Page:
We get the lowdown on the basic elements of our favorite savory pie from two local experts: Gary Bimonte, co-owner and grandson of the namesake of Frank Pepe Pizzeria Napoletana (founded in 1925, now with nine locations, including Yonkers), and Mike Abruzese, chef and cofounder of Polpettina in Eastchester and Larchmont.
Finely milled “00” flour creates a thin, crunchy Neapolitan-style crust with a slightly chewy interior after fermenting for days. “You can stretch the dough out with your hands or use a rolling pin. We do ours by hand,” Bimonte says.
New York-style’s pliable crunch doesn’t prevent its signature fold-and-eat method. “We don’t over-knead the dough, because that would make it too hard,” says Abruzese, who uses American flour, for soft, light, thin crusts that ferment in one day. “If I held it in my hand, it would droop slowly.”
From square Sicilian pies to rustic Grandma slices to buttery Chicago-style deep dish, pan pies come in many styles. Across the board, the dough is typically bready (to support lots of toppings), and baked until golden and extra crisp.
Grown in the volcanic soil of Italy’s Valle del Sarno, these sweet tomatoes are prized as the ultimate tomato for pizza. “If you have the perfect tomato, you don’t need anything else,” says Abruzese, who uses crushed San Marzanos on Polpettina’s red-sauce pies. “I find in over 42 years doing this that a plum Italian tomato is far superior to a California tomato,” says Bimonte, who tests batches of canned San Marzano tomatoes every year to choose the season’s best.
While canned tomatoes are preferred for sauces, fresh tomatoes are typically sliced or cut into chunks and added to white pies, where they add bright acidity and retain a semi-raw texture.
The calling card of every corner pizza joint, cooked sauce is typically made from crushed canned tomatoes and includes garlic and spices. The resulting thick, sweet sauce is often used as a base for sturdier New York-style or pan pizza.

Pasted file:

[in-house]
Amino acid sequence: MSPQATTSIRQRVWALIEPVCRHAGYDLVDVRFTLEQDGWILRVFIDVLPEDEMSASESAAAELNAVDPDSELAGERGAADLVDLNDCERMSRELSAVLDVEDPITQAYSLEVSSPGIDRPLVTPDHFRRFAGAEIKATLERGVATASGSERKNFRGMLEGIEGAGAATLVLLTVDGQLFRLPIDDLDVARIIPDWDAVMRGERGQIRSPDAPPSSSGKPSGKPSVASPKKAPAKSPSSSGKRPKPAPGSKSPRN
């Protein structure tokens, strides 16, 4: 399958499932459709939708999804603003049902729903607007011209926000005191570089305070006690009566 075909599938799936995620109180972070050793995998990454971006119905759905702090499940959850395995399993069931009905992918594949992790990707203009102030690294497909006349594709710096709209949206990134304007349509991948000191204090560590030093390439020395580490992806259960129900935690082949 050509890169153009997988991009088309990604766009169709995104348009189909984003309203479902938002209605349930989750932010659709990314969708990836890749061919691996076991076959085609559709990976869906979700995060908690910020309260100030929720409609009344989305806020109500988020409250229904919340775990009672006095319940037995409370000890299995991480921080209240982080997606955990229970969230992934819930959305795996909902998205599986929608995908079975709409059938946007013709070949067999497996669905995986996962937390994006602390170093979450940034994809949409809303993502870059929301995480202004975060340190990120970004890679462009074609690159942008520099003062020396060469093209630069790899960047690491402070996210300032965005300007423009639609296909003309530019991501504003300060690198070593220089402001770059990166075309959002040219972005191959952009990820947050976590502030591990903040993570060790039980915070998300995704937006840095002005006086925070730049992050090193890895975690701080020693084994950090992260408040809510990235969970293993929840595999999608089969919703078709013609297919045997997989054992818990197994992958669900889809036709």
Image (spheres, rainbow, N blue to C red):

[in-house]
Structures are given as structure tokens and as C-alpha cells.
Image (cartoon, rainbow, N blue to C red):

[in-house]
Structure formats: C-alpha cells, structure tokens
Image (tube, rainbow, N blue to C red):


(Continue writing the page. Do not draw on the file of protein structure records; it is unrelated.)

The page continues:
Made from the milk of domesticated water buffalo, this mozzarella is considered to be higher-quality and better-tasting than mozzarella made from cow’s milk. It’s brighter white, softer, moister, and easier to tear.
Fior di latte or “flower of milk” mozzarella
Made from ultra-fresh cow’s milk, it’s smooth, extremely fresh, a little tangy in flavor and has excellent melting characteristics.
Pasteurized mozzarella (whole-milk or low-fat)
Bought in a block, sliced, or shredded, pasteurized mozzarella is the preferred cheese on American pizza for its low moisture and melting ability. Abruzese favors low-fat mozzarella, sliced on a deli machine, not shredded. No need to blot off oil with a napkin on his classic slice (whole milk, while having a more buttery-rich flavor, may release some fat during baking, which results in an oily appearance). Abruzese also layers the cheese on first — before the sauce — to sink into the crust and prevent sogginess, resulting in a crispier crust.
A creamy cow’s-milk cheese similar to mozzarella in appearance and flavor except for a soft, milky center made of mozzarella curd and cream. A decadent cheese option on a pizza.
Abruzese favors old-school Bakers’ Pride gas-powered ovens for cooking pies at least 750° for 4 minutes. “There are inconsistencies in maintaining the same level of heat throughout the day with other methods,” he says. “We’re into simplicity and consistency.”
Some chefs brag about their Acunto wood-fired ovens made in Naples — great for thin, crunchy crusts cooked in just 2 minutes. Frankie & Fanucci, Burrata, and Wood & Fire are among the county restaurants cooking pies with wood-fire.
Bimonte prefers his coal-fired brick ovens, which retain heat best. “Coal provides a dry, intense heat that seals the flavors in,” he says.
An anomaly in Westchester (Rhode Island is where grilled pizzas reign), Coals in Port Chester/Bronxville is the top choice for pies that are hand-stretched and grilled above an open flame. The resultant crust is crisp outside yet tender and even a bit chewy inside.